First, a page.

Mr. Compton was one of the early stockholders in the Rozel State Bank and is now on its board of directors. He is president of the Union Grain Company of Rozel, and a stockholder in the Sanford Grain Company. He has also done his part in local affairs, has been helpful in the matter of public schools, and has served as township clerk. He is a democrat, is affiliated with the Modern Woodmen of America, and he and his family are all Methodists and he is one of the official board of the Rozel Church.
Some of the improvements which give character to his fine stock farm are the splendid barn 56 by 60 feet, with room for the storage of 100 tons of hay and other food stuffs. Another feature is the silo, and he has an equipment of cement cattle sheds.
On October 23, 1895, in Barton County, Mr. Compton married Miss Nina Button. They had a fine family of young children: Laura, Glenn, Gladys, Mildred, Bonnie, Archie and Raymond. The two older children, Laura and Glenn are both graduates of the Rozel High School, and Glenn is a student at Fairmont College, Wichita, in training for military service.
Mrs. Compton, who was one of the victims of the great influenza epidemic in November, 1918, was the daughter of one of the noted pioneers of Barton County, Almon M. Button, who located there in 1872 and homesteaded and proved up a soldier's claim. He was born in Rensselaer County, New York, and represented a family of the early Dutch settlers in that section. When he was a boy of twelve years the family moved out to Illinois and located in Peoria County near Chillicothe. A. M. Button had brothers and sisters named Rodney, Hezekiah, Samantha, Adeline and Charles, all of whom went to Illinois when children and grew up near Chillicothe. Samantha married a Mr. Green and Adeline married Mr. Stillman.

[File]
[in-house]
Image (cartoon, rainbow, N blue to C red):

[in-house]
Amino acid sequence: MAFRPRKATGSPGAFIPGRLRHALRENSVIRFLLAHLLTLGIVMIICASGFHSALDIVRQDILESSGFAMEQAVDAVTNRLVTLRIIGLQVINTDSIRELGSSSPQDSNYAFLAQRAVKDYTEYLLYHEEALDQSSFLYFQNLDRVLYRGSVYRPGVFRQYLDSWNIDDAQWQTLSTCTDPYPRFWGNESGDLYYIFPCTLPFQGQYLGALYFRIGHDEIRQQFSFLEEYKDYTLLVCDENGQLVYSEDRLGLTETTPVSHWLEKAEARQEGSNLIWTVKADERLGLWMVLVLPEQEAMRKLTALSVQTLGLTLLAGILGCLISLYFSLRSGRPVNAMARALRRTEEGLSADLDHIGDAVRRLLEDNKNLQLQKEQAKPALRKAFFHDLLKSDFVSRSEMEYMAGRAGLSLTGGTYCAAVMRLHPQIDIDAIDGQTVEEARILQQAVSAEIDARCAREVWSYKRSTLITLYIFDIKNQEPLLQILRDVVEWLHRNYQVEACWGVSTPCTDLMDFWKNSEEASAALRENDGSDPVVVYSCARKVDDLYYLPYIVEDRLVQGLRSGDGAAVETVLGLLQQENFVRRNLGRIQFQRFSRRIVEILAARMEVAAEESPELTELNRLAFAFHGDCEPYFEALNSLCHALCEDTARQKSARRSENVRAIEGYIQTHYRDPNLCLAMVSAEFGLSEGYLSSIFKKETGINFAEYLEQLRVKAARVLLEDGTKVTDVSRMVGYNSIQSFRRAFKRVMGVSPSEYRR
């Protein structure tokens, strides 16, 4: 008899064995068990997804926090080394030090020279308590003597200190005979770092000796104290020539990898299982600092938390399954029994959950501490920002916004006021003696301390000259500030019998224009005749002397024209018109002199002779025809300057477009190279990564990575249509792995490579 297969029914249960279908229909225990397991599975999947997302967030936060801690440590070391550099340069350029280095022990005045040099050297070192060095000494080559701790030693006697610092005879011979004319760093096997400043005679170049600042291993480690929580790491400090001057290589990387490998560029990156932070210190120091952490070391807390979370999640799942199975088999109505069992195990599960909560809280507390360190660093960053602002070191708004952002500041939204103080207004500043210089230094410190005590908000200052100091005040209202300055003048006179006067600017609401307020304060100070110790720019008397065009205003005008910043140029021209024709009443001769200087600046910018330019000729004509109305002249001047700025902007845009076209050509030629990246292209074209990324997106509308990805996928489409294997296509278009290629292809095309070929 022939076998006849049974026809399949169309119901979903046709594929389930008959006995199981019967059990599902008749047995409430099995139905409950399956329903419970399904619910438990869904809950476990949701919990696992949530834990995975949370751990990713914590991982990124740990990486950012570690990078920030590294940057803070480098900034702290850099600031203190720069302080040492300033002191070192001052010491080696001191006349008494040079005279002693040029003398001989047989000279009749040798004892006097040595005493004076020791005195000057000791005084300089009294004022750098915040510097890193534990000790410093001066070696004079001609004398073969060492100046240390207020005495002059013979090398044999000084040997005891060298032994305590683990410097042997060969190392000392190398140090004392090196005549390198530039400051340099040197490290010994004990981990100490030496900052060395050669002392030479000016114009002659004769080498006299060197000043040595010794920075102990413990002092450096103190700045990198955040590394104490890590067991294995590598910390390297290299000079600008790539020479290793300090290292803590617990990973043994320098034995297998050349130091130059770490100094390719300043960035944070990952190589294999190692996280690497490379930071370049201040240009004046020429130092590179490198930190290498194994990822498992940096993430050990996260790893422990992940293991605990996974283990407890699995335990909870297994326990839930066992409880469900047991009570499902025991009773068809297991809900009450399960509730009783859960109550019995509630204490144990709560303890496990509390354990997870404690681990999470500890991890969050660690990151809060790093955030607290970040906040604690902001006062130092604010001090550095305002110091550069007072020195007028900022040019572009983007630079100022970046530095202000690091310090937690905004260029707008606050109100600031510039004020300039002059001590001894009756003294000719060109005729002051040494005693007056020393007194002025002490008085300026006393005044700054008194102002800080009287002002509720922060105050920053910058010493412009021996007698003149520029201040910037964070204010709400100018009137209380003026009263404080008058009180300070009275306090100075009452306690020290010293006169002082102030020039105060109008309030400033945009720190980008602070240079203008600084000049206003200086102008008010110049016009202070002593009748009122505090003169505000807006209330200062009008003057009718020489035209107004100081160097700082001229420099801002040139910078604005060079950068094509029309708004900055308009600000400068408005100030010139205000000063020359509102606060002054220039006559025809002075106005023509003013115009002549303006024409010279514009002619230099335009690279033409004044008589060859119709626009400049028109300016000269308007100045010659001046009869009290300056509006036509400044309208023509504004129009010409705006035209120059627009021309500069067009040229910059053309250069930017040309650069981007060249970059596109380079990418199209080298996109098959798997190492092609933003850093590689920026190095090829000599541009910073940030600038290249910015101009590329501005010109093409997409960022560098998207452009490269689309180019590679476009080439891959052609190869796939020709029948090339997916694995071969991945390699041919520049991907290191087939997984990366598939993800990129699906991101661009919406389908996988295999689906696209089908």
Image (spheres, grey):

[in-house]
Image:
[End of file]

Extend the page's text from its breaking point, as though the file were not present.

A. M. Button enlisted from Illinois as a boy of fourteen and served during the last year of the Civil war in a regiment of infantry in General Hooker's army. He married Annie Slinn, who was born in England, a daughter of Robert and Betty (Wagstaff) Slinn. The Wagstaff family history goes back in England to the year 1303. Betty Wagstaff, from whom the Wagstaffs in America are descended, was born July 20, 1816, in England and married Robert Slinn, a mill manager. She died May 29, 1853. Her daughter Annie came from England with her aunt and uncle Noble. Her brothers and sisters were: John Slinn, James Slinn, Polly, who married Mr. Lyons, Lizzie, who married Mr. Slater, and Tillie, who married George Cummack. The Wagstaffs are one of the oldest families of Glossop, England. There was a Simon Wagstaff, vicar of the parish church of Glossop between the year 1362 and 1408. Rev. William Wagstaff was vicar from 1673 to 1682, when he was succeeded by the Rev. Robert Wagstaff, who remained the vicar until 1721. In the succeeding generations and centuries there were others mentioned as land owners, merchants and manufacturers, and all the information at hand shows that the Wagstaffs have from the earliest times been a family of influence and wealth and that they took their share of the management of local business.